When you’re in you’re out

English words on a carwash near us

Although the game of cricket isn’t especially popular in France, brushing up on your English certainly is. We both volunteer with neighbors and adult students who want to make conversation in that foreign language they first learned back in middle school but probably haven’t had much opportunity to practice with since then. The BBC is a source that I often consult for classroom ideas and on their Learning English Blog I found the funny and confusing “The Rules of Cricket as Explained to a Foreign Visitor”. It starts with, “Each man that’s in the side that’s in, goes out, and when he’s out, he comes in and the next man goes in until he’s out.”

How’s that for an explanation? The words themselves wouldn’t be difficult to translate but the meaning behind them is another story. Once our English classes start up again, I might use the Covid lockdown as a means of clarification…or perhaps to muddy the waters even further. During this period of confinement it’s OK to travel to/from work, or to go food shopping, but everyone is generally otherwise supposed to stay home. For the students I could start with, “When you’re IN you’re OUT of trouble but when you’re OUT you could be IN trouble.” Seems clear to me. I can’t wait until we discuss baseball and we can use the Abbott and Costello skit, “Who’s on First”!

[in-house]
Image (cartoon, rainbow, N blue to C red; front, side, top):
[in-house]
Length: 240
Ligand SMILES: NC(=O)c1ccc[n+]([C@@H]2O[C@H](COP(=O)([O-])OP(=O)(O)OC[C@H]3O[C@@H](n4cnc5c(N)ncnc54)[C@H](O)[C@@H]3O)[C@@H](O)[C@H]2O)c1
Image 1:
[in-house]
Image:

The Walkway of the English (La Promenade des Anglais) in Nice

In Carcassonne, as in many communities around the country, a mask is required any time that you leave home. The newspaper reported that a survey showed that 60% of the people in France admitted to not following the lockdown rules despite a first-time fine of 135 € that increases with further offenses. Bill and I are part of that “boring” 40% going food shopping only as necessary, politely declining invitations for drinks and/or dinner and sticking with staying home. After all, when you’re in you’re out!

BBC rules of cricket: https://www.bbc.co.uk/blogs/learningenglish/2011/09/howzat.shtml

Who’s on First skit: https://www.baseball-almanac.com/humor4.shtml

3 thoughts on “When you’re in you’re out

  1. We’re in that 40% too and limiting our visits to buy groceries and other necessities. Our experience in this part of Paris is that even when a French person is wearing a mask, their nose is “out” not “in.” So disturbing to us! We live in Paris in a quaint little section of the 7th where most of our shopping is in individually owned businesses. I went to my butcher last week and his shop was closed with this sign on the door: “Fermee (COVID).” Not surprisingly, he’s been a nose “out” during the entire mandatory mask period. “IN” and “OUT” really do matter these days!

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